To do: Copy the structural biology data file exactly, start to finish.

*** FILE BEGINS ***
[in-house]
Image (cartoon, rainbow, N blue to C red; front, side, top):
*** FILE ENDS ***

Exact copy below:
[in-house]
Image (cartoon, rainbow, N blue to C red; front, side, top):